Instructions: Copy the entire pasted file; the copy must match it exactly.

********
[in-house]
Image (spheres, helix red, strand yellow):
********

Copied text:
[in-house]
Image (spheres, helix red, strand yellow):